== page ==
Granted, if you have children who are newborns, throw all of this advice out the window since you are essentially working to keep a baby alive, but do your best to do something for you even during the chaotic moments surrounding childbirth and have your built community help you.


Written Goals and Achievement

A goals research study was conducted by Dominican University of California and the research team followed 267 participants which spanned business, organizations and business networking groups. Of these 267 participants 149 of the people completed the study. The age range was 23-72 and there were 37 males and 112 females. The participants were from various parts of the world and their professions were of various backgrounds.


During this study there were 5 groups. 1-Only thought about their goals 2-Wrote their goals down 3-Wrote down their goals and action commitments 4-Wrote down their goals, and send their action commitments to a friend and 5-Wrote down their goals, and sent their action commitments and weekly progress reports to a friend.


Do you know which group came out on top?


Take a wild guess.


Group 5 actually achieved 42% more of their goals than all of the groups and Group 2 achieve significantly more than Group 1. So essentially you will be able to come out on top by writing down your goals, setting action commitments and then sharing them weekly with someone who holds you accountable. (Gardner, S., & Albee, D.)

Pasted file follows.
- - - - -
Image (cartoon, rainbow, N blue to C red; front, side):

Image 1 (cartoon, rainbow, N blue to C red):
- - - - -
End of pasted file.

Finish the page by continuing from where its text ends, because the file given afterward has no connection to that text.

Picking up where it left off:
For you, this may be another injector, a mentor in the industry, your life partner or a good friend who is running the same race as you to accomplishing a goal whether it is similar or dissimilar to what you are doing.


Here are 5 reasons why writing down routines around your various life goals are important.


1-Enhances Focus and Commitment: When you write down your plans, it reinforces your commitment to those goals. Further, the daily routine of checking off accomplished tasks brings a sense of achievement, motivating you to stay on track.


The power of documenting and checking off daily habits lies in its ability to enhance focus and commitment, two critical elements on the journey towards personal growth and success. Whether you strive for personal health, career development, or cultivating personal relationships, maintaining written records and checklists of daily habits can start a huge shift in your journey towards goal achievement.


When you write down your habits, you transform them from just a fuzzy thought in your brain to something which is concrete. This simple act sharpens your focus and writing down your desired habits allows you to visualize your goals, like an artist outlining their next masterpiece.


The physical representation of our habits reinforces our commitment. Commitment, in the context of personal growth, is the bridge between our aspirations and accomplishments. It is easy to express a wish for change, but commitment translates that intention into action. By having your habits written down and present, you are continuously reminded of your commitment.


2-Improves Memory and Recall:

With so much information at our fingertips, our brains have to filter out lots of unnecessary data to focus on what’s crucial. For some of us, spending even 30 minutes on Instagram in the morning can derail our entire routine (I speak from experience). Through the act of writing on something other than our phones this allows us to think about our habit without distraction.

The daily habit of checking off tasks serves as an active recall method. Active recall, as opposed to passive recognition, is a more effective way of reinforcing memory. Andrew C. Butler in his 2010 study shows that repetition produces a better transfer of learning relative to repeated studying*.